Design earns its due

It wasn’t that long ago that the word design was primarily used to describe a state of scheming, usually nefariously, for the purpose of acquiring something or someone. One might have “designs” on… It doesn’t seem to be used that way so much anymore. It now generally implies a connection with creativity.

There is an understanding that things look and function as they do because they have been designed that way, that there is a conscious, deliberate and decisive act (or many acts) behind the things that comprise our material world, and possibly even a real person or more.

Paul Epp

Paul Epp

Our artefacts have always been designed. At one time, what was made was largely a matter of following precedent. Certain forms and configurations had been found to work and those were copied by productive artisans. A few of the makers were more creative than the others and, with time, new forms would be added to the prevailing lexicon.

The world that I was born into, in 1949, was already largely one of industrially produced objects. The hand-made was mostly restricted to the mittens and socks that grandmas knit for Christmas presents. Not that much earlier, during the Great Depression of the ’30s, a lot more of the accoutrements of frontier life were hand-made, but this had more to do with economic and transportation challenges than anything else.

However, my grandparents took the making of things as a natural state. In contrast, my father, and his generation, made a point of destroying the material evidence of an earlier poverty (as hand made things were perceived).

So I grew up with the fruits of industry, but the word design was never used in the way that we use it now. The existence of things was simply taken for granted.

It seems that the act of design, that deliberate and decisive act, was more anonymously integrated in the production of goods in an earlier era. It is usually hard to learn the identities of the designers who shaped the products we used before the middle of the 20th century. But they obviously existed and some were very talented.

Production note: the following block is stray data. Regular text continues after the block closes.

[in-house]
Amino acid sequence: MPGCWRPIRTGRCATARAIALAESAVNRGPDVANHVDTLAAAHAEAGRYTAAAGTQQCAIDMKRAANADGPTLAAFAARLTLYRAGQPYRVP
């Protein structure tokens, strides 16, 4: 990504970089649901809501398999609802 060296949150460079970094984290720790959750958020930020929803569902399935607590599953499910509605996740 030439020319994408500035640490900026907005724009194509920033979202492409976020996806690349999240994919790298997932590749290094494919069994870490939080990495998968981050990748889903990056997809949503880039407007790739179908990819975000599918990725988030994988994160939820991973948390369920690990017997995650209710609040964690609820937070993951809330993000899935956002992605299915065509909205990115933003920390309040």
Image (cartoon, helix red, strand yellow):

A fact that is usually forgotten is that the art schools that were established in the late nineteenth-century, like the school now known as OCAD University, had as one of its principal aims the training of designers for industry. The stars of the Industrial Revolution were the entrepreneurs that launched new ventures, and theirs are the names that we might remember.

As an example, at one time agricultural implements were where all the smart money was and Mr. Massey and his eponymously named company, were the biggest deal in Canada.

He made good goods and prospered. His designers were just part of a large workforce that included many different types of skills and talents. It also included a large percentage of workers who were not particularly skilled or talented. They were just inexpensive and interchangeable.

That’s how industry works.

Efficiency is one of the greatest motivators for industry. With a great deal of preliminary planning, and the necessary capital, the subsequent efficiencies of repetitive specialized labour enable the production of vast amounts of goods in a very cost-effective way. One of the enablers of the efficiencies is the assurance that what is produced is pre-planned (designed) in such a way as to take full advantage of the particular industrial processes.

Raymond Loewy, in the mid-20th century, claimed to be the first industrial designer. That is horse-puckey, but what he did advance was the recognition of designers as knowable individuals and their possible value for marketing purposes. The potential for the existence of design-stars, was born. He was not alone in the transformation of the role and visibility of designers, and collectively those midcentury designers initiated a shift in perception of what design was and who did it.

It has taken a long time for this perceptual shift to become embedded in our public consciousness. Now, the word design is used comfortably by almost everyone. It has become a major and highly visible factor in marketing. It also forms a core component of corporate strategies. Designers have moved up from the factory floor to the boardroom, so to speak. About time, to my way of thinking.

Paul Epp is an adjunct professor at OCAD University, and former chair of its Industrial Design department.

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